Cannabis sales & consumption disallowed at the 2018 Socal High Times Cannabis Cup
In late breaking news last night, we learned that High Times was denied their temporary cannabis event permit on Wednesday on a unanimous vote, 6-0, by the San Bernardino City Council.
The permit application was apparently submitted to the city council just three days before the weekend-long 4/20 festivities were scheduled to begin at the NOS Events Center, where it has been held for years.
High Times officials say that they filed the appropriate paperwork with the California Bureau of Cannabis Control, but admit that they filed late with the city itself.
City council members cited new state-level cannabis laws that require a 60 day notice when filing for an event application such as the one that was required for this weekend’s cannabis and music celebration.
Vendors have paid hundreds or thousands of dollars well in advance to secure booth space at the popular event, and many had already begun loading their materials into their space to get set up. On top of that, an estimated 20,000 VIP or General Admission ticketswere expected to be sold. Then there are the high grade musical acts that were scheduled to perform like NAS, Raekwon, Lil’ Wayne, and more…what happens with those contracts?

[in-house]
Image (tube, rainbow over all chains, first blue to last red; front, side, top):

According to a report by NBC News, the event can still proceed…without weed.
That’s right, a High Times… Cannabis Cup… on 4/20… with no cannabis.
That’s not good.
Earlier this week , social media was flooded with reports that the fundamental nature of cannabis related events in California was about to undergo a major change as a result of the passage of Prop 64 by California voters back in 2016 with an Instagram post by @chalicefestival from 4/14/18 that stated:
“Only licensed California companies will be able to participate at this year’s event. Each attendee will be able to bring 1 ounce of cannabis and 8 grams of concentrate onto the festival grounds. There will be a security and search checkpoint , where all bags will be searched.”
With such a low percentage of California based cannabis companies being licensed so early into the new law, and with the strict regulation on how those licensed companies must sell and account for sales at events like these, it suddenly added some uncertainty about the retail aspect of the marijuana festival business model for vendors.
Now, the last minute cancellation of this year’s 4/20 High Times Cannabis Cup cannot do much to ease anyone’s concerns.
What do you think the future holds for events like the Cannabis Cup, Chalice, and others in the state of California? Let us know in the comments below.